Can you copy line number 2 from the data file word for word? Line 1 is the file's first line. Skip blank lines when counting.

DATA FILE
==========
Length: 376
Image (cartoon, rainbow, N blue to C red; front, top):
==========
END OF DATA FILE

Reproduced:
Image (cartoon, rainbow, N blue to C red; front, top):